"Life is very tough," Joan Rivers once said. "If you don't laugh, it's tough."
Rivers died yesterday, September 4, following a medically-induced coma and complications that arose last week during a vocal cords procedure, including cardiac arrest. "My mother's greatest joy in life was to make people laugh," Melissa Rivers, her daughter, said in a statement. "Although that is difficult to do right now, I know her final wish would be that we return to laughing soon."
"She was a great social satirist, including self-satire," says Amy Henderson, a historian at the National Portrait Gallery. "She was not afraid to be herself," Henderson adds. "She was fearless."
Rivers once said that because she's had so much plastic surgery, "when I die they will donate my body to Tupperware."
Rivers was 81. Her career took off in the 1960s as a stand-up comic and temporary host of "The Tonight Show," filling in for Johnny Carson. She went on to host her own programs in the 1980s, "The Late Show" and "The Joan Rivers Show." In the 2000s, Rivers reached new audiences as a fashion critic and with reality television.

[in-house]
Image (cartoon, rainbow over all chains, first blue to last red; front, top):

"Her humor depended totally on putting herself down, which I found ironic because she spent so much time trying to make herself look terrifc," says Dwight Blocker Bowers, entertainment curator at National Museum of American History.
The American History museum does have artifacts related to women in comedy; in 2007 it acquired Phyllis Diller's joke cabinet, containing 50,000 index cards on which Diller had recorded her jokes from 1955 to 2000. Diller died in 2012. Rivers also kept her jokes on file, as shown in the 2010 documentary about her life, Joan Rivers: A Piece of Work.